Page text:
10 selected publications

  • Proteome biology of primary colorectal carcinoma and corresponding liver metastases.
    Fahrner M, Bronsert P, Fichtner-Feigl S, Jud A, Schilling O (2021).
    Neoplasia. 23(12):1240-1251
  • Accessible and reproducible mass spectrometry imaging data analysis in Galaxy.
    Föll MC, Moritz L, Wollmann T, Stillger MN, Vockert N, Werner M, Bronsert P, Rohr K, Grüning BA, Schilling O (2019).
    Gigascience 8: 1-12
  • ADAM9 contributes to vascular invasion in pancreatic ductal adenocarcinoma.
    Oria VO, Lopatta P, Schmitz T, Preca BT, Nyström A, Conrad C, Bartsch JW, Kulemann B, Hoeppner J, Maurer J, Bronsert P, Schilling O (2019).
    Mol Oncol 13: 456-479
  • Proteome Profiling of Primary Pancreatic Ductal Adenocarcinomas Undergoing Additive Chemoradiation Link ALDH1A1 to Early Local Recurrence and Chemoradiation Resistance.
    4. Oria VO, Bronsert P, Thomsen AR, Föll MC, Zamboglou C, Hannibal L, Behringer S, Biniossek ML, Schreiber C, Grosu AL, Bolm L, Rades D, Keck T, Werner M, Wellner UF, Schilling O (2018).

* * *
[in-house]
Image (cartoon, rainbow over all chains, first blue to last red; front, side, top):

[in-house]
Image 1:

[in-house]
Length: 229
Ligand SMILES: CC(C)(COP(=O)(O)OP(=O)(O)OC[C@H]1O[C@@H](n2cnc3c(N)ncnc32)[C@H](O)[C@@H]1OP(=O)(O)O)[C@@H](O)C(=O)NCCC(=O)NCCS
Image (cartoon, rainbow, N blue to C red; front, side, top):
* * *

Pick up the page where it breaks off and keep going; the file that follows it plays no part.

Transl Oncol 11: 1307-1322
  • Proteomic distinction of renal oncocytomas and chromophobe renal cell carcinomas.
    Drendel V, Heckelmann B, Schell C, Kook L, Biniossek ML, Werner M, Jilg CA, and Schilling O (2018).
    Clin Proteomics 15: 25
  • Identification of tissue damage, extracellular matrix remodeling and bacterial challenge as common mechanisms associated with high-risk cutaneous squamous cell carcinomas.
    Föll MC, Fahrner M, Gretzmeier C, Thoma K, Biniossek ML, Kiritsi D, Meiss F, Schilling O§, Nyström A§, and Kern JS (2018).
    Matrix Biol 66: 1-21
    §Shared corresponding author
  • OpenMS: a flexible open-source software platform for mass spectrometry data analysis.
    Röst HL, Sachsenberg T, Aiche S, Bielow C, Weisser H, Aicheler F, Andreotti S, Ehrlich HC, Gutenbrunner P, Kenar E, Liang X, Nahnsen S, Nilse L, Pfeuffer J, Rosenberger G, Rurik M, Schmitt U, Veit J, Walzer M, Wojnar D, Wolski WE, Schilling O, Choudhary JS, Malmström L, Aebersold R, Reinert K, and Kohlbacher O (2016).
    Nat Methods. 13: 741-748
  • Formalin-Fixed, Paraffin-Embedded Tissues (FFPE) as a Robust Source for the Profiling of Native and Protease-Generated Protein Amino Termini.
    Lai ZW, Weisser J, Nilse L, Costa F, Keller E, Tholen M, Kizhakkedathu JN, Biniossek M, Bronsert P, and Schilling O (2016).
    Mol Cell Proteomics 15: 2203-2213
  • Fibroblast activation protein-α, a stromal cell surface protease, shapes key features of cancer associated fibroblasts through proteome and degradome alterations.
    Koczorowska MM, Tholen S, Bucher F, Lutz L, Kizhakkedathu JN, De Wever O, Wellner UF, Biniossek ML, Stahl A, Lassmann S, and Schilling O (2016).
    Mol Oncol 10: 40-58
  • Proteome-wide analysis of protein carboxy termini: C terminomics.
    Schilling O, Barré O, Huesgen PF, and Overall CM (2010).
    Nat Methods. 7: 508-511